The diameters of tumors were relatively small in LPA (mean: 1.47 cm) and PPA (mean: 1.89 cm) but were relatively large in SPA (mean: 2.54 cm), APA (mean: 2.83 cm), and MPA (mean: 2.90 cm) (P<0.05).

The LPA was more common in women (P<0.05), but was not significantly associated with age, smoking status, and sites (P>0.05).

The lymph node metastasis rate differed among different histological subtypes. It was remarkably high in SPA (81.0%) and MPA (80.0%), but was relatively low in PPA (22.9%), LPA (33.3%), and APA (28.2%) (Table 1).

Table 1
Table 1. Relationship between histological subtypes and clinical features of lung adenocarcinoma.
Full table

Relationship between lung adenocarcinoma histologic subtypes and clinical prognoses in literature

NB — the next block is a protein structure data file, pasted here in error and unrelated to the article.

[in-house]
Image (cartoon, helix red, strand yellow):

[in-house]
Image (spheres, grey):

In 2011, the IASLC/ATS/ERS jointly released the new pathological classification criteria of lung adenocarcinoma. Since then, many clinical studies have described the new pathological classification of lung adenocarcinoma; however, the proportions of different subtypes of invasive lung adenocarcinoma as well as their prognostic relevances varied among these studies. Therefore, we searched all the clinical studies on the new pathological classification of lung adenocarcinoma and made a brief summary in Table 2. A total of 16 articles (6-21) entered the final analysis, involving the populations mainly in the United States, China, Japan, Australia, the United Kingdom, and Germany. Seven articles were focused on stage I adenocarcinoma, whereas the remaining studies were on stage I-IIIa tumors. The sample sizes of these studies ranged 64-949. Of these 16 studies, the proportions of the different subtypes of invasive lung adenocarcinoma remarkably differed: LPA, 0-31.4%; APA, 12-56.8%; PPA, 5.8-48.6%; MPA, 0-29.3%; and SPA, 8.1-20%. Obviously, APA and PPA are common subtypes, whereas LPA and MPA are less common. Thirteen studies reported the prognostic significances of different lung adenocarcinoma subtypes. Hung et al. (8) and Song et al. (10) suggested MPA and SPA are independent poor prognostic factors for lung cancer, and Kadota et al. (20) argued that APA is an independent indicator of poor prognosis for lung cancer. Ding et al. (6), Zhang et al. (17), Tsuta et al. (19), and von der Thüsen et al. (21) reported that the new classification system and the score are independent prognostic factors for lung cancer. Most studies agreed that MPA and SPA were associated with poor prognosis while LPA and APA with relatively better prognosis.